We will see later how to accomplish this, adding some more elements to the model.

From mail to knowledge

November 16, 2014

Enterprise Social Networks (ESN) are usually considered as a mean to gather the corporate knowledge that is dispersed in the people’s head, or in mail/documents threads.

The pattern commonly adopted, to connect the sources of this knowledge, to the final repository, that can be a tool within the ESN, is depicted in the following figure:

different path from mail to knowledge (2)

  1. the user receive mail;
  2. the user select some messages, that are relevant for his social interaction, and publish them on the Enterprise Social Networks;
  3. the user (or someone else, an ESN editor), further classify (using tagging, grouping or other ESN features), the content that contains knowledge.
  4. Now, the knowledge-bearing content is available to everyone.

Where is the limit? In user actions.

This pattern assumes that the single user is willing to spend some effort in publishing/reviewing/classifying content. But we forget that this is not his job.

Imagine a salesperson, in hurry, trying to close an important deal. How much do you think that he will be committed in leaving a knowledgeable trace that that particular kind of product requires a specific customizing in order to be successful for a particular kind of customers? Maybe he will do it later? With an inbox receiving hundreds of email each day?

This is why sometimes user adoption for ESN projects is limited, and adding a “training/sponsoring” track to the project is not enough.

Now imagine a different model:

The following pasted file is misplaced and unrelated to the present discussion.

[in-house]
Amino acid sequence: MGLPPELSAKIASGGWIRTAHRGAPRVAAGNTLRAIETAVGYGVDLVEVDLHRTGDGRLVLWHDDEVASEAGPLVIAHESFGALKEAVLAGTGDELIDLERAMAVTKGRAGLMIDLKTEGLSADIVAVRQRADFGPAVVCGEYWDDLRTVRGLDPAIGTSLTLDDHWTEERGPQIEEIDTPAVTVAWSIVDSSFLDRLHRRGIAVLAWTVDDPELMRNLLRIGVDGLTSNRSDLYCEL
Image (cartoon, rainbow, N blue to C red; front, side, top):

different path from mail to knowledge (2)

Here, the Enterprise Social Network software includes the inbox features. Incoming mail appears immediately as a new post on the user’s dashboard, classified in the proper thread. If the message contains short-term content (i.e. “John is coming late at the meeting: he will arrive perhaps 10:30″), it will remain in the user inbox, and will be deleted lately.

There is still the need to select and classify content that is relevant for the corporate knowledge-base, but this action will be easier if the content is already classified in the context of the ESN.

A step in this direction can be seen in Zimbra, or in the last Inbox by Gmail development. But I expect that this will be a significant development for the most popular ESN products.

Google have just released a new mail client for its Gmail service, which is usable free or with a paid subscription for smb and education.

Whith this new client, Google is suggesting that a mail client should support the user not only in mail “browsing”, but also for acting on the mail messages, taking and organizing the proper actions required by each message.
This is not new, the classical user interface of Microsoft Outlook was already providing an integrated environment for mail, tasks, calendar and contact management.

image

Google is adding value to this idea in two directions:
1 adding information from the search engine that is relevant for the mail content (flight info, stock quotes, etc.)
2 providing a grouping mechanism, that was already in place in the traditional web interface for Gmail, that assign each mail to a group (social, updates, forums, etc.) according to its content/sender

The final expected result is a cleaner inbox, that helps finding out the important messages, plan when we are going to act upon them, and gently guide us in browsing other categories of messages when we are confortable.

Now, the main components of a mail messages are:
1 content
2 people involved

image

People are sets, nested and mixed together in various ways, that can be seen as “containers” for several messages, with the exception that the containment is not strict, as water in a bottle, but shows a sort of ripple effect, that goes beyond the natural border of organizational or social set.

Google is putting emphasis on content: mail are classified according to their content type, even if the sender is used as an element helping content classification.
The missing element is people relations, and threads, intended as an extended version of the traditional mail threads (answers, forwards).